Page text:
Takamatsu Castle, Setouchi: One of Japan’s “3 Greatest Water Castles”. (Takamatsu City, Kagawa Prefecture)

Takamatsu Castle, also known as Tamamo Park, is one of ’Japan’s 100 greatest castles’, and also a national historic landmark. It was expanded greatly by Yorishige Matsudaira, Mitsukuni Tokugawa’s (famous through the TV program Mito Komon) older brother.

It is said that Yorishige Matsudaira was ordered by the Edo Shogunate to serve as a statutory auditor to China and Shikoku due to his being the grandson of Iyeyasu Tokugawa and his family’s relationship with the shogunate family.
The Takamatsu han (feudal domain) carried heavy responsibilities, so let’s see how their castle looked.

Here we see the Ushitorayagura (a yagura is a turret/tower in Japanese castles) and the bridge crossing the inner moat, the Asahi bridge. This is located in the south-east corner of the castle, and visitors enter the inner grounds through the east gate (the Ote gate) after crossing the Asahi bridge. (Entrance fee: Adults 200 yen)

By the way, Ushitorayagura was constructed in the Edo Period and is an ’Important Cultural Property’. Reflected in the water of the moat, it really does look beautiful, doesn’t it?

The stone walls of the castle keep foundations are located a short walk from the gate. Here stood the largest castle keep in Shikoku. It even surpassed Kouchi Castle and Matsuyama Castle, but sadly the keep was dismantled in 1884 due to its deteriorating condition.

Let’s go and have a look at the main enclosure!
To get into the main grounds, you have to walk quite far around the inner moat. Even though the castle tower looks close, it’s still far away. This was to make it difficult for attackers to approach quickly.

This is the Saya bridge. This roofed bridge is the only method of entering the main enclosure, which is completely surrounded by the moat. 
If the castle was under siege, destroying this bridge would make it highly difficult for the attackers to enter the castle grounds.

The view of the castle keep foundations from bridge. It was a long detour, but we’re finally here.

Crossing Saya bridge, and into the main castle grounds. There are steps up the castle keep foundations, so visitors can easily get atop. Let’s try!

This is the north-west view from atop the castle tower foundations. You can see Saya bridge down below.

sea, so visitors have a nice view over the Seto Inland Sea islands, and can see Sunport’s red lighthouse and the ferries passing by.

Actually, the moat is fed by seawater piped in from the bay. Alongside Imabari Castle of Ehime Prefecture, and Nakatsu Castle of Oita Prefecture, the castle is known as one of the ’Three Greatest Water Castles of Japan’.

Close to a more recent modern Japanese style building of the Taisho Period called Hiunkaku, Tsukimiyagura is another tower that still stands today in the north-east corner.

Let’s step outside the main enclosure for a moment and visit the buildings in the north-east.

This is Tsukimiyagura. It has stood since the Edo Period and is an Important Cultural Property. As it is quite tall (3 stories) and has other smaller yagura annexed to it, calling it a castle keep rather than just a yagura would not be an overstatement.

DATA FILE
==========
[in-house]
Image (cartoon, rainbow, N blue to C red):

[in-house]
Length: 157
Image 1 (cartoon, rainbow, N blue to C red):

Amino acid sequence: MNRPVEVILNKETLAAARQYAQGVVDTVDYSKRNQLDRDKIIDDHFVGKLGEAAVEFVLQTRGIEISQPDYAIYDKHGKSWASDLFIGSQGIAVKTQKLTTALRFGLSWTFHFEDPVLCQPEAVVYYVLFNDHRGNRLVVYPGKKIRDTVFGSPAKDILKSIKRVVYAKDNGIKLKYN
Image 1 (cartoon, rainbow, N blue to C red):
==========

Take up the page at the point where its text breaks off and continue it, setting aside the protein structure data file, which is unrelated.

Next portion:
Also an Important Cultural Property, just to the right is Mizute gate. It is filled in now, but back in the day, the daimyo would pass through here on a boat heading out to the bay where a larger boat waited for him whenever he was traveling by sea, i.e to Edo to attend the shogun.

South of Tsukimiyagura, is Hiunkaku, another Important Culture Property. Furthermore, the surrounding Japanese garden has officially been designated by the Japanese government as a ’scenic beauty’.

There used to be a palace about twice the size of Hiunkaku here as well, but as it had deteriorated badly, it was demolished in the Meiji Period. A modern Japanese-style building was constructed in the Taisho Period (1912~26).

Prior reservations are required to enter Hiunkaku, but there are some spots you can look in from the outside.

Takamatsu Castle was long held by the close-knit Iyeyasu Tokugawa and Matsudaira family daimyos. It was abandoned and many parts were demolished after the Meiji Restoration, but the Urayoshiyagura, the Tsukimiyagura and the castle walls still stand, and the moat is still filled with water. It remains one of the Three Greatest Water Castles of Japan.


Takamatsu Castle Tamamo Park

Address: 2-1 Tamamo, Takamatsu City, Kagawa Prefecture

West Gate:
April – May 5:30~18:30
June – August 5:30~19:00
September 5:30~18:30
October 6:00~17:30
November 6:30~17:00
December – January 7:00~17:00
February 7:00~17:30
March 6:30~18:00

East Gate:
April – September 7:00~18:00
October – March 8:30~17:00

Closed: 12/29 – 12/31
Entrance Fees: Adults (over 16 years) 200 yen, Children (between 6 & 16 years) 100 yen
Tel: 087-851-1521 (Tamamo Park Park Office)
Parking: Available (free-of-charge)

Setouchi Photo-writer: Hironobu Matsuoka

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Written by

Hironobu Matsuoka

Hironobu Matsuoka

Hironobu Matsuoka / Photo-writer Born in 1974 in Nishinomiya, Hyogo Prefecture, and currently living there, Hironobu is the president of Mediapolis Inc. "I travel around the country in Solar King, an eco-camping car that has a solar power generator, and film the beautiful scenery of Japan in high-definition. I want to move around the country as much as possible and leave behind videos of precious Japanese nature and scenery for future generations to enjoy. Although I travel all over the country, I love my home area of Setouchi." 'Healing Japan TV' - Traveling virtually around the country through 'healing videos'.



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